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Agility

Agility 

Human existence has gone through many ages.  We had the stone age with the hunters and gatherers where life was uncertain and short.  The Agrarian revolution transformed uncertainty into something with much more planning and stability.  The Industrial Revolution went a step further and reduced our dependence upon nature and the seasons.  Since then we have had the Knowledge Revolution or the Information Age where the pace of knowledge development has gone from doubling every century prior to 1900 to every year now!  In the Future this will be every 12 months.

Alvin Toffler predicted that the pace of change was going to increase exponentially. This would mean we would suffer systems or disorientation similar to culture shock.   I believe most of us would agree that we are feeling the effects of the increased pace.  It has affected all aspects of our lives – and caused considerable pressure.  To survive and even thrive in such an environment we need to develop new skills and attitudes. 

In an environment that is uncertain, constantly changing and often not understood we either “cop-out” or learn to adapt by developing agile practices that allow us to deal with it.  This is a fact of life in most organisations today.  The pace of change is increasing and there is no indication that it will let up.  Most of the changes we notice have to do with technology.  I remember from predictions in the 1970s the increasing use of technology was going to mean that we would have an abundance of leisure time that would become problematic.  (I don’t know anyone who is having this problem.)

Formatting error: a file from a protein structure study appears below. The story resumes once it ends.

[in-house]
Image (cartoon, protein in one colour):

There are changes in our institutions. This includes our family structure which is not directly related to the use of technology. However, these family structures do have a direct bearing on our sense of wellbeing.  This is a topic for another conversation – today I want to focus on change in the workplace and how can we thrive in the current environment. 

We constantly hear it said that today’s workplace requires agility and responsiveness.  What do we mean by this?  Agility is our capacity to be consistently and constantly adaptable.  It is our ability to, and our efficiency in responding to the state of nonstop change.  This is what our workplace teams need to survive in the work world.   

In workplace practices, this is translating as flexible work hours, flexible workplaces, colliding with diverse cultures as work takes us to different countries, project teams, short term planning, consultancies….and the list goes on.  As an individual, it means that we must adapt and adjust quickly when things are not going as planned.  In some ways, we are suffering from the same uncertainty as our stone-age predecessors.  We need the skills of anticipation and the ability to change direction. 

Agile professionals need processes, and systems to develop the organisation’s strategies to deal with the changing circumstances.  They need to be highly adaptable as a matter of course. Agility allows team members to build into everyday practices an ability to nimbly respond to changing circumstances and take advantage of emerging opportunities. 

It would seem today that those people who are driven by a desire for certainty and routine are afflicted by stress and anxiety.  When individuals resist change, the efficiency with which they can adapt is reduced because a part of their attention and time is spent moving away from the direction of progress.  

In the education and training space, we need to find ways to develop adaptable people and agile process that can make our survival certain.  In many ways, we are like our stone-age forebears.  We are affected by our changing environment.  We must respond to that environment in a way that is efficient and productive.  The work environment is constantly changing, like shifting sands and we need to zig and zag to stay on the path. 

 

Write up by Sandra Robinson

Director, Skills Strategies International.